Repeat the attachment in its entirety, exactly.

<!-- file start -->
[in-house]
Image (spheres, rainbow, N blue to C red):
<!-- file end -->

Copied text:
[in-house]
Image (spheres, rainbow, N blue to C red):